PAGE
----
7 Tricks to Think about When Hiring a Handyman

Is your to-do list piled up with small (but extremely annoying) tasks like repairing broken windows, replacing old ceiling fans with palm leaves, or repairing broken sprinkler systems? We get it: you want to do it all yourself, but even the toughest handyman comes to a point where it’s time to give up control.

Stop fretting about your never-ending weekend projects and hire a handyman to do those annoying chores. Just make sure you treat the professional well. Here are seven tips to keep your practical friend happy.

1. Your local hardware store can be your secret weapon

Finding a handyman you trust is the best way to guarantee great results – and if you are not handy yourself, it could be a daunting challenge.

Contact your local hardware store for recommendations. Not only can it suggest reliable professionals, but it can also give some insight into their financial proficiency: are their accounts in good working order?

“If he pays his bills and has his money under control, that’s a sign that the rest is fine,” he says Rusty Meador, a professional contractor and handyman in Leland, NC.

2. You don’t have to study before your handyman arrives

If you don’t know how to build a door jamb or what are the best methods to repair that hole in drywall from your son’s illegal indoor pickup soccer game, don’t get lost in a how-to YouTube spiral. Your craftsman will be happy to explain the details and his approach to you.

“Everyone has different technical skills,” says Meador. “It is not reasonable to expect a homeowner to know everything.”

If you lack that detailed understanding, explain exactly what you are looking for so that your handyman can find the best solution for your situation.

“The more a customer tells us what they want and why, the better it is for both of us,” he says Jeff Schwartz, a Miami contractor at JS Construction 2 and Handy.

3. But you should disappoint – otherwise you’ll end up paying

A tidy home not only ensures that a project is completed quickly and without incident, it also prevents you from paying the craftsman’s hourly rate for basic cleaning.

“If the workspace is set up before your professional gets to your home, all of the time is spent getting the job done,” says Schwartz.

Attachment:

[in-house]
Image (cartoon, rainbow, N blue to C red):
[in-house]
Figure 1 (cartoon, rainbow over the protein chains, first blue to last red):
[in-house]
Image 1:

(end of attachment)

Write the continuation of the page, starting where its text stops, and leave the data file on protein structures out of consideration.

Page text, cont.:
When you install new fittings in your living room, clear the floor for your ladder. If you are replacing the tiles in your breakfast nook, move the table beforehand.

4. Keep him out of your spousal disputes

If you are not the only decision maker in the household, make sure that you and your partner agree on what services you want to provide.

“There’s nothing worse than the woman who tells you to do something the husband won’t pay for, or vice versa,” says Meador.

Before adding items to the work order, make sure everyone understands what it can cost and how much time the service will take.

“Don’t put me in the middle of your relationship problem,” he says.

5. Know if your pet is a runner

Wannabe escape puppies are the biggest problem for craftsmen. Because they keep opening the door to tools and fuel, it’s unfair to hold them responsible for keeping your runaway dog ​​inside.

“We’re there to do a job,” says Meador. “We’re not there to constantly worry about the dog getting out.”

6. Add-ons are not free

Your handyman may say “yes” when you ask if they can touch up the waterproofing of the bathroom while they’re around – but that doesn’t mean they won’t charge a fee for it.

“Always ask,” Is it going to cost more? “Says Meador. Otherwise, you risk a misunderstanding as the handyman thinks you want to pay him for the extra work and you think he is doing some extra service.”

They are not: every project has a price. So make sure you and your professional agree on the fee before proceeding.

7. Communicate the details

Try as he could, your handyman is not a mind reader. How would he know you would like the shelves of your new installation to be exactly 18 inches apart unless you tell him?

“It is your responsibility to ensure that these requirements are communicated on a drawing or on paper before you begin work,” says Meador.

And don’t be afraid to speak up before, during and after the project if you don’t like something.

“When a customer is clear about what they want, provides precise and detailed instructions and gives feedback on the completed task,” says Schwartz, “it makes my work far less stressful.”


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